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The Doctors Trial: Background & Overview

On December 9, 1946, an American military tribunal opened criminal proceedings against twenty-three leading German physicians and administrators for their willing participation in war crimes and crimes against humanity. Officially called United States of America v. Karl Brandt et al, the trial was the first of twelve similar proceedings against Nazi doctors held by the United States following World War II.

During the reign of the Third Reich, Nazi physicians planned and enacted the "Euthanasia" Program - the systematic killing of those they deemed "unworthy of life." The victims included the mentally retarded, the institutionalized mentally ill and the physically impaired. Further, during World War II German physicians conducted pseudoscientific medical experiments utilizing thousands of concentration camp prisoners without their consent. Most died or were permanently crippled as a result. Most of the victims were Jews, Poles, Russians, and also Roma (Gypsies).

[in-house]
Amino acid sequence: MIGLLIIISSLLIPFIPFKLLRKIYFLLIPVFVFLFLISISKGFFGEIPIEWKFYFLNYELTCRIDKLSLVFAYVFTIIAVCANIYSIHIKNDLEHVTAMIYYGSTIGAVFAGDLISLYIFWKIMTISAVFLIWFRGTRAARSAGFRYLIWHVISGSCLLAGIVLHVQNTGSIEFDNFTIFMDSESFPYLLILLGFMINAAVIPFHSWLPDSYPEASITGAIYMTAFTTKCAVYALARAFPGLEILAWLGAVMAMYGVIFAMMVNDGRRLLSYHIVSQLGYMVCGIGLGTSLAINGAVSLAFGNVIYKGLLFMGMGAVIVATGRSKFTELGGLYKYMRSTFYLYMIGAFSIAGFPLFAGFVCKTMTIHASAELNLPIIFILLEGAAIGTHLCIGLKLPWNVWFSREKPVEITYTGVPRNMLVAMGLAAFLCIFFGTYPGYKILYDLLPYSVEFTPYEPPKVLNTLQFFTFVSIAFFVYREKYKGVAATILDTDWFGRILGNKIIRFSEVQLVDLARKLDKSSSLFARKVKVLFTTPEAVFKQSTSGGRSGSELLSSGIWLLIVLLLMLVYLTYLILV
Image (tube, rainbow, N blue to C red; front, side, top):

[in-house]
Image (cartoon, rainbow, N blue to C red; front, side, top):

After almost 140 days of proceedings which included the testimony of 85 witnesses and the submission of almost 1,500 documents, the American judges pronounced their verdict on August 20, 1947 - sixteen of the doctors were found guilty and seven were sentenced to death. They were executed on June 2, 1948.

Sources: U.S. Holocaust Memorial Museum. Trials of War Criminals before the Nuremberg Military Tribunals under Control Council Law No. 10. Nuremberg, October 1946 - April 1949. Washington D.C.: U.S. G.P.O, 1949-1953.